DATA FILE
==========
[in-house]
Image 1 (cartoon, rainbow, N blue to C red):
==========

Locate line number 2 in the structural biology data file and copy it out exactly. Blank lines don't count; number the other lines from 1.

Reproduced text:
Image 1 (cartoon, rainbow, N blue to C red):